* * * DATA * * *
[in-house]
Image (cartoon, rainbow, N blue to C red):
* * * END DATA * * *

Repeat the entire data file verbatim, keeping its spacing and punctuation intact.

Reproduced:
[in-house]
Image (cartoon, rainbow, N blue to C red):